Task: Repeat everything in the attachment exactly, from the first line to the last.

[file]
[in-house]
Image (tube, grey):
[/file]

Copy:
[in-house]
Image (tube, grey):